Waltz with Bashir (2008): Trauma and Representation in the Animated Documentary

By Joseph A. Kraemer

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There is a struggle in presenting traumatic events, as it comes along with aesthetic and ethical considerations. McCay was an important precursor for a number of trends in artistic representation that lead to defining the twentieth century in portraying the modernist tendencies toward experiencing human catastrophe. Having these visual documents allows for society to understand better what they have not encountered directly themselves.

“The drive to complete and heal trauma is as powerful and tenacious as the symptoms it creates. The urge to resolve trauma through re-enactment can be severe and compulsive. We are inextricably drawn into situations that replicate the original trauma in both obvious and unobvious ways”… The concept of the reenactment, outside of its role as a symptom of and treatment for the traumatic experience, also points the way to how animation can fit within the myriad discourses defining the ways in which nonfiction film can represent the world.

Ari Folman’s filmic process reveals the interplay between the signifier (the animated image), the signified (the viewer’s mediated experience), and the referent (the historical reality). Instead of using “rotoscoping”, a common animation technique where the image is directly painted over to create a unique look for the movement of the plastic image, Folman used the video instead as a visual reference for a stand-alone process of animation where the images were crafted frame by frame using drawings and vector-based computer technology (“Waltz with Bashir Press Kit” 4-6).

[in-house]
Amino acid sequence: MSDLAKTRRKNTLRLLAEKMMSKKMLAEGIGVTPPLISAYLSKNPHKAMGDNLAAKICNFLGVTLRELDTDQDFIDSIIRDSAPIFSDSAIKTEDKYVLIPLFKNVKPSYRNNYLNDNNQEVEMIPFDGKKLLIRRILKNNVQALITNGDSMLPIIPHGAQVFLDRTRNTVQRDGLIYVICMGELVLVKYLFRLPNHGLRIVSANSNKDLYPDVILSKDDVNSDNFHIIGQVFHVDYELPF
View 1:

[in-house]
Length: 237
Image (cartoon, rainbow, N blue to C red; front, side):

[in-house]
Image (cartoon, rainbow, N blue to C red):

Folman reveals the live footage at the end of the film, rendering the animation as the cartoonish element in comparison to the vulgarity of actual dead bodies. It was as though he hypothesized the viewer wanted “know” the truth and the reality of the trauma of the massacre. The purpose this serves is through the unveiling of the massacre’s effects, there is a moment of supreme catharsis where the true scale of suffering is felt. Many threads converge at once and the whole picture can be seen. The thesis is formed in attempt to remember and understand the truth of the event, which is how the filmic act becomes the means by which Folman is able to achieve his therapy.

Bibliography:

Kraemer, Joseph. (2015) Waltz with Bashir (2008): Trauma and Representation in the Animated Documentary. Journal of Film and Video 67.3-4. University of Illinois Press.

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